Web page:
1. #uberwar and the sharing economy

    "The worker becomes an "entrepreneur," and assumes the entrepreneur’s risk

    Panelists noted the various ways in which the term “sharing” most often means a systematic shift of risk from the service provider onto the precarious labor and consumer.  

    On these platforms the “product” is the software, as opposed to the experiences that result in their use. Uber refers to their drivers as “partners” as a way to alleviate any inherent risks associated with assuming an army of full time employees, as Cheng pointed out. And Rob Horning reminds us, these independent contractors are the only ones who handle the risk of depreciating capital assets. Kate Losse noted that is tied to a larger Silicon Valley ideology that drastically privileges the technical work over the emotional or creative labor that form the end user content of the platforms themselves.

    If everyone is an entrepreneur, can there be worker solidarity?

    The workers who make up these networks have structural limitations to effective forms of resistance. Workers have little time to organize when they already have to work so intensely just to break even. Whereas factory workers could coordinate a slowdown, the sharing economy creates a distributed set of workers with little collective potential, prompting the panel to question the extent to which the freedom of “working whenever you please” weakens your ability to organize against an employer.

    Such networks are in effect anti-communities, as Horning asserted with dystopic alarm, where users and independent contractors are pitted against one another, with the only unifying aspect being their use of digital technology to seek the best opportunity to exploit each other’s labor for the lowest rate. But at what cost?”

    Solidarity after “Sharing:” Notes on Internet Subjects #1 - Rhizome.org

  2. Secret app product design principles

    Secret — the anonymous secret-sharing mobile app that’s become a visual, gossip-filled addiction in Silicon Valley — Chris Bader and co-founder and CEO David Byttow, decided every design decision should be made to enable the simplest way to share, read and interact with the text (the secrets) themselves.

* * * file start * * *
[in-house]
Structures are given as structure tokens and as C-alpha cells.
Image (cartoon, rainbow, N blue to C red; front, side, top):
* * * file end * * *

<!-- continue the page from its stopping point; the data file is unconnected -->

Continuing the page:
Bader’s four product design principles:

    1. Start from emotion — This isn’t a new concept, says Bader, but Apple’s design team embodies this and I agree with them.
    2. Tell a story — The user should be able to fit the whole product in his or her mind at once. You should be able to think about what Secret is and not spend more than one brain cycle piecing it together.
    3. Keep a balance — Positive experiences need to outweigh the negative ones (which can be prevalent on an anonymous app). The experience needs to be a net positive.
    4. Live by constraints — It’s great to use “blue-sky thinking” to brainstorm and come up with ideas, but when it comes time to implementing design, set constraints.

    Bader’s 3 rules for building home run social products:

    1. Allow for a novel form of self expression
    2. Make it stupidly simple to express yourself
    3. Make it rewarding.

    The design decisions behind the tech industry’s beloved anonymous Secret app

  3. thenewinquiry:

The ephemerality sharpens viewers’ focus: Once received, a Snapchat count-down is a kind of time-bomb that demands an urgency of vision, a challenge to exhaust the meaning from the image before the clock runs out. Unlike a paper photo that fades slowly over the years, the temporary photo disappears suddenly. Given only a peek, you look hard.
-Nathan Jurgenson, Pics and It Didn’t Happen

    thenewinquiry:

    The ephemerality sharpens viewers’ focus: Once received, a Snapchat count-down is a kind of time-bomb that demands an urgency of vision, a challenge to exhaust the meaning from the image before the clock runs out. Unlike a paper photo that fades slowly over the years, the temporary photo disappears suddenly. Given only a peek, you look hard.

    -Nathan Jurgenson, Pics and It Didn’t Happen

  4. Introducing Chirp from chirp on Vimeo.

    Chirp makes machines sing and share data.

    chirp.io